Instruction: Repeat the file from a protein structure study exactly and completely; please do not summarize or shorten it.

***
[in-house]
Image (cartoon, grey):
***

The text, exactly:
[in-house]
Image (cartoon, grey):